Over the last twenty years of the standardized testing era, student learning gains in Massachusetts have been incremental and the state’s large achievement gaps by race, income, and language persist. This focus on high-stakes testing has led to unintended consequences including teaching-to-the-test, narrowing of the curriculum, and stigmatizing schools. It is time to redefine how we assess student and school progress in the Commonwealth.

In support of this aim, MCIEA has adopted the following principles for creating a fair and effective accountability system:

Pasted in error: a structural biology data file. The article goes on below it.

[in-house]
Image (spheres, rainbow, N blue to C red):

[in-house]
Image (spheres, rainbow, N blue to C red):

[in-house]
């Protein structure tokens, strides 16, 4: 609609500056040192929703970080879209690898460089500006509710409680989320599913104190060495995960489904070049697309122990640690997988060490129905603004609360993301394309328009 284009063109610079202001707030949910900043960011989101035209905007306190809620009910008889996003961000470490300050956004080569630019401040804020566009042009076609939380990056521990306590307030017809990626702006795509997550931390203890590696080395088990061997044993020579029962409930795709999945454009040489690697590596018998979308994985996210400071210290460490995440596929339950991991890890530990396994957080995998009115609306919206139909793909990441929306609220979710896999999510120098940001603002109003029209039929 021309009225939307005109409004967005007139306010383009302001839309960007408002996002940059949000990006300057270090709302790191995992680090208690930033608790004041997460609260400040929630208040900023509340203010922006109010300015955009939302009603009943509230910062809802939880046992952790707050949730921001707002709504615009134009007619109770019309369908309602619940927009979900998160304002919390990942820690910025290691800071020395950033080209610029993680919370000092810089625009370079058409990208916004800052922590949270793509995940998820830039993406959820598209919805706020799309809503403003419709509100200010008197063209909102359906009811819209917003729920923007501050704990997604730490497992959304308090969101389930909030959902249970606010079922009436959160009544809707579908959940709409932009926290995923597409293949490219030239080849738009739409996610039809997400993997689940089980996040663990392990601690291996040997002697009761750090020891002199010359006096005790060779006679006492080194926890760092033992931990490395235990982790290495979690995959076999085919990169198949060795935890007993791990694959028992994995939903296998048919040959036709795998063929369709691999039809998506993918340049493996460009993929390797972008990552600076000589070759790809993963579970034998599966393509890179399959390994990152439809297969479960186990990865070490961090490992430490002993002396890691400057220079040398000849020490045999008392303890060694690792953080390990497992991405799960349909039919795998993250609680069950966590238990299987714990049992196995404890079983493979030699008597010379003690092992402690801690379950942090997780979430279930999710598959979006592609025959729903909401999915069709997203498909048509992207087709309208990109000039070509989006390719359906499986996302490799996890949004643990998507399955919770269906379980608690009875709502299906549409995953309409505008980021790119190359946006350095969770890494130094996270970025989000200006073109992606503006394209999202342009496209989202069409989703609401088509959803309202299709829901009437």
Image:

MCIEA Principles nine vertical 01

  1. Community members identify what is most important to know about school quality
  2. Multiple measures provide a robust picture of student learning and school progress
  3. Teachers are empowered to lead the design of curriculum-embedded performance assessments and the scoring of student work
  4. Students demonstrate what they know and can do through real-world application
  5. Local leaders, teachers, parents, and students make decisions to fit the needs of their schools and communities
  6. District, state, and federal leaders support and trust principals and teachers, and hold themselves reciprocally accountable for improving student learning
  7. Support and resources, rather than sanctions, build the capacity of schools and leads to improvement
  8. Benchmarks based upon the characteristics of a high-quality school establish a fair measure for school performance